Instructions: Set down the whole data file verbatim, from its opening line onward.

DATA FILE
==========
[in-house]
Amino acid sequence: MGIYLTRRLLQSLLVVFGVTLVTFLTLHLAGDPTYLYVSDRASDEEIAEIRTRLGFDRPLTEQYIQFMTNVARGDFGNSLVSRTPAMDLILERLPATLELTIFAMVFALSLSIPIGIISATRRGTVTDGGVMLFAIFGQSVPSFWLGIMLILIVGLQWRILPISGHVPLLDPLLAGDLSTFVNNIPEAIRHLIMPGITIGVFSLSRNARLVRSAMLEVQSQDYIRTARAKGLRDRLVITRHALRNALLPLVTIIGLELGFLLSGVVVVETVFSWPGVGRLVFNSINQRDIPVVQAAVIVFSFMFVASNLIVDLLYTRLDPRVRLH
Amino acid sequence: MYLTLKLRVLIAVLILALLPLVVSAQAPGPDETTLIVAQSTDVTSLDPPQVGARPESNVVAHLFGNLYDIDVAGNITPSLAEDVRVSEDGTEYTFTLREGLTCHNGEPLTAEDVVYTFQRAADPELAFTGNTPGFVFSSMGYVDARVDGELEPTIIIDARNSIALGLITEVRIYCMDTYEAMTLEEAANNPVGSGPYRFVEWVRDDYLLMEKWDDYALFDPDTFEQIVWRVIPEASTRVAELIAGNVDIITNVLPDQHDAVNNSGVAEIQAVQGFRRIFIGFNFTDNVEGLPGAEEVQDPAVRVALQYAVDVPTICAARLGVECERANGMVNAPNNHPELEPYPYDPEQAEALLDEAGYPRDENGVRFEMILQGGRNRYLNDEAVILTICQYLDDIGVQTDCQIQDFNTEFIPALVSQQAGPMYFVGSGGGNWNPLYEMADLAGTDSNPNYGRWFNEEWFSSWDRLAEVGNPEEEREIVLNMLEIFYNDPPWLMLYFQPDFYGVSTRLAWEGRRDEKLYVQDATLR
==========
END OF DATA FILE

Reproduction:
[in-house]
Amino acid sequence: MGIYLTRRLLQSLLVVFGVTLVTFLTLHLAGDPTYLYVSDRASDEEIAEIRTRLGFDRPLTEQYIQFMTNVARGDFGNSLVSRTPAMDLILERLPATLELTIFAMVFALSLSIPIGIISATRRGTVTDGGVMLFAIFGQSVPSFWLGIMLILIVGLQWRILPISGHVPLLDPLLAGDLSTFVNNIPEAIRHLIMPGITIGVFSLSRNARLVRSAMLEVQSQDYIRTARAKGLRDRLVITRHALRNALLPLVTIIGLELGFLLSGVVVVETVFSWPGVGRLVFNSINQRDIPVVQAAVIVFSFMFVASNLIVDLLYTRLDPRVRLH
Amino acid sequence: MYLTLKLRVLIAVLILALLPLVVSAQAPGPDETTLIVAQSTDVTSLDPPQVGARPESNVVAHLFGNLYDIDVAGNITPSLAEDVRVSEDGTEYTFTLREGLTCHNGEPLTAEDVVYTFQRAADPELAFTGNTPGFVFSSMGYVDARVDGELEPTIIIDARNSIALGLITEVRIYCMDTYEAMTLEEAANNPVGSGPYRFVEWVRDDYLLMEKWDDYALFDPDTFEQIVWRVIPEASTRVAELIAGNVDIITNVLPDQHDAVNNSGVAEIQAVQGFRRIFIGFNFTDNVEGLPGAEEVQDPAVRVALQYAVDVPTICAARLGVECERANGMVNAPNNHPELEPYPYDPEQAEALLDEAGYPRDENGVRFEMILQGGRNRYLNDEAVILTICQYLDDIGVQTDCQIQDFNTEFIPALVSQQAGPMYFVGSGGGNWNPLYEMADLAGTDSNPNYGRWFNEEWFSSWDRLAEVGNPEEEREIVLNMLEIFYNDPPWLMLYFQPDFYGVSTRLAWEGRRDEKLYVQDATLR